I also LOVE your line, “We are only as good as our stories and honoring those should be a part of our daily work with students, whether reading them, writing them and absolutely always celebrating them. Period.” I know I wrote this in one of my other responses, but our students need to see us as human beings with our own lives, stories, and imperfections.
Thank you for sharing these powerful pieces about your dad and reminding me of the importance of making time to share my own stories in my classroom.
You say: “Often when I share my own stories with them, they find the courage to share their own deeply personal stories too.” Yes! I too have found this to be a way in for some students…another doorway, or portal, if you will for students to write about what they need to write about. In some ways we have sterilized education to make sure it is “safe” and while done all with good intentions, my sense is that it has also alienated students. Sometimes stripping down to the common experiences of being human is all the connection we need. I would even argue that will be the case even more with these times we are living in and the trauma many have endured during this pandemic. Thanks for your thoughtful response. Loved hearing about your experience with this!
I feel like I would be remiss if I didn’t start my response with a nod to your father. What a wonderful gift you have to be able to make him come alive through your words. I can tell how much he loved you and how much you loved him. I can only imagine how proud he was of his family and of you.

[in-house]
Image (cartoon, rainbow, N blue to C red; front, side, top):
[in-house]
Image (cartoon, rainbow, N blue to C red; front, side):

A is my favorite story! I can’t help but wonder, was there any question in your mind as to which story you were going to start this piece with? Hence, you made the title fit the letter?? What I love about this particular story is that it really allows the reader to feel the mutual love. Who else but your father could have gotten you to leave? Who else but your father would have said it to you like that? And, who else would you have listened to? In that moment, he was caring for his daughter just like you were caring for yours.
On another note, I am intrigued by the idea of doing my own ABC writing. It’s hard to imagine as a kindergarten teacher that I never thought of this before! I love the way it allowed you to put all of your stories together without them having to be connected. One story can end, and a new one can begin, with the freedom to start at any point you choose. Seems like a fitting way to write about your father 😊